It’s normal to be concerned when you start seeing behavioral changes in your loved one who has Alzheimer’s disease. It can feel like they are becoming a different person as the disease progresses, and your family member or friend may struggle with memory, communication, and basic daily routines. However, keep in mind that your loved one is still who they’ve always been. The key is getting the proper senior care before these changes get unmanageable. Here are some tips for handling the behavioral changes associated with Alzheimer’s.
The National Institute on Aging reports that some 6 million Americans may have dementia caused by Alzheimer’s, a brain disorder that involves the loss of cognitive functions such as thinking, reasoning, and remembering. Along with that comes certain behavioral changes that, over time, interfere with a person’s activities of daily living.
The severity of Alzheimer’s ranges from mild in the early stages to the most severe stage, when an individual needs round-the-clock senior care. Below are some of the most common changes you can expect to see in a person who has Alzheimer’s disease.
Eating problems are one of the most common changes you will see in a person with Alzheimer’s. The person may start eating less due to forgetting to eat, or it can become difficult for the person to chew and swallow, as dementia affects the area of the brain associated with swallowing. This change in eating habits can lead to malnutrition and weight loss without the proper senior care.
Memory problems are typically among the first signs of Alzheimer’s disease. It may begin as mild cognitive impairment (MCI), whereby a person has some memory problems but these issues do not affect their everyday lives. Over time, MCI can progress to more severe memory loss. The more advanced the disease becomes, the more likely memory loss will become a bigger part of your loved one’s life. It can also be frustrating for both you and your loved one if you don’t address it in a way that helps them maintain their self-esteem.
Anger & Aggression
Behavioral changes like anger and aggression are common in people with Alzheimer’s disease. If your loved one is being aggressive, this can be difficult for family members to handle, especially if he or she has never been like this before.
If your loved one is exhibiting behavioral changes due to Alzheimer’s, the tips below can help both of you understand how best to deal with these issues when they occur.
- Keep track of the medications, dosages, and frequency of administration.
- If you notice a change in behavior, check to see if it is related to medication. If you are unsure or concerned about this possibility, ask your doctor or pharmacist for help.
- Be sure to consult with your doctor before making any changes to medications.
Adapt to their Communication Needs
- Use different communication methods. If your loved one is having trouble speaking, try using visual cues and other methods of communication that don’t require speech. For example, you could use a magnetic whiteboard with letter magnets or a notebook to facilitate communication.
- Incorporate music. Studies show that music may improve behavioral issues, reduce agitation, and even spark childhood memories in people with Alzheimer’s.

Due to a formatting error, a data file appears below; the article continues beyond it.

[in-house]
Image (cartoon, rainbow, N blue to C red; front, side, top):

- Use art as a tool. Senior care that includes art projects encourages a sense of accomplishment and self-expression for people with Alzheimer’s. Keep the materials safe, non-toxic, and on an adult level, and use the project as a conversational tool with your loved one.
It can be hard to be patient when your loved one is showing memory loss, is slow to complete daily activities, or becomes aggressive or angry. When you are feeling frustrated, try to keep in mind that these feelings don’t help the situation, and they might make things worse. It’s best to avoid arguing with your loved one; instead, take a few deep breaths, don’t take it personally, and give yourself time to calm down before you speak again.
Practice Your Own Self-Care Routine
As the caregiver of someone with Alzheimer’s, you may find that your own health and well-being are suffering. You may be depressed or anxious about the future, and this can affect how you interact with your loved one. In order to ensure that both you and your loved one receive proper care, it’s important to practice self-care routines. This includes eating healthy meals, getting proper sleep, taking breaks from senior care for your loved one, and spending time doing activities you enjoy like walking in nature or spending time with friends.
Know Your Limits
Remember that it is OK to ask for help, and it’s important to do so when you need it. You may find that some tasks are just too difficult or exhausting for you at this time. Don’t feel guilty about asking others for help or enlisting professional senior care with things like cooking, bathing, dressing, and engaging with your loved one. Knowing your limits lets you get help when you need it most, especially as Alzheimer’s progresses.
Let the Experts at Bluebird Help Your Loved One
At Bluebird Homecare, our certified, highly trained dementia and Alzheimer’s in-home caregivers can be your in-home care team. We provide the high-quality care your loved needs while keeping families and friends connected throughout the process. With locations in Atlanta, Birmingham, Charlotte, Fort Worth, Louisville, Nashville, and St. Louis, we can develop a customized care plan that ensures you and your loved one get the support you need.
Whether your loved one needs a ride to the doctor’s office, help with daily chores, or a more extensive care plan, our team of certified homecare specialists will design a flexible plan that suits everyone’s needs — and adjust that plan as needs evolve.